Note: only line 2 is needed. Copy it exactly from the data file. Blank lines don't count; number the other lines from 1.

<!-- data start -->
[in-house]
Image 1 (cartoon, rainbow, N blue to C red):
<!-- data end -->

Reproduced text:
Image 1 (cartoon, rainbow, N blue to C red):